Bridgend & District Beekeeping Association website: www.bridgendbeekeepers.co.uk
B&DBKA is committed to the education of new and improving beekeepers. They also aim to educate the general public on the importance of bees in our Eco-system and hope to reduce the fears that many people have of these tiny insects. If you are a budding beekeeper then please do contact them and perhaps go along to one of their open apiary sessions to see for yourself the wonder of beekeeping.
|The Electoral Reform Society has turned its spotlight on the imminent Local Elections in Wales and the sham of a democratic process it embodies:http://www.electoral-reform.org.uk/blog/140000-reasons-for-reform
“Voting wont interrupt the daily routine of 7,085 residents in Bridgend county borough next Thursday.” (5 uncontested seats – or Democracy Desertsas the ERS puts it so aptly)
Meaningless votes: All of the 96 democracy deserts are single member wards. Yet seats which elect more than one member (multi-member wards) are even more unfair under the current system as a party can gain all the seats as many as 5 despite not winning a majority of the vote. Most multi-member wards are held by one party, because the system doesnt allow for a politics that accurately reflects the diverse needs and interests of the community.
Under the current system those who finish 3rd can still go on to win. In the starkest example from last election the Lib Dems came third in Cardiff according to the number of votes they won, but gained twice as many seats as the Conservatives, who won the most votes.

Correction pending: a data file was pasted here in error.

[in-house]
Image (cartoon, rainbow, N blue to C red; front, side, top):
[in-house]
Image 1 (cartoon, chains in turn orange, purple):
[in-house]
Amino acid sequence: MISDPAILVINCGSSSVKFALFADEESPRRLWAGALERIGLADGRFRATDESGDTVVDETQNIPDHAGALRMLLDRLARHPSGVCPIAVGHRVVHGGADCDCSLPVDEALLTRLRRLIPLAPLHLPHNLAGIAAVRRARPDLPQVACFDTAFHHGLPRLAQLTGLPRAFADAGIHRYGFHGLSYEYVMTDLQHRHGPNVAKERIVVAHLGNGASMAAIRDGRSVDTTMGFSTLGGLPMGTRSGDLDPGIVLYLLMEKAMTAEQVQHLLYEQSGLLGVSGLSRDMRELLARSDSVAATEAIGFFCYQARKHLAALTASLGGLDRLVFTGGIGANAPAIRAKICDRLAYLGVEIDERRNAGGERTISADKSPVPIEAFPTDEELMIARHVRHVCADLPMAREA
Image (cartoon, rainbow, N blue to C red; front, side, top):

This crazy system means that in Bridgend CBC – on top of the 5 councillors ‘elected’ with zero votes – even in contested seats, it is entirely possible to win a seat with just 200 votes in some wards, whereas it takes a minimum of 1000 votes to get elected in Brackla.
This may possibly work to our advantage in one or two places, but overall it acts a barrier to people getting involved (voting as well as standing) in the process that is so important in shaping our lives – and tends to lead to the main parties congregating in the same ground of perceived majority opinion – as seen with the three main parties.
This is also leads to people not voting for what they really want: http://voteforpolicies.org.uk/
Returning to the ERS report:
The winner takes all feature of FPTP is an unfairness which is repeated in county after county across the country.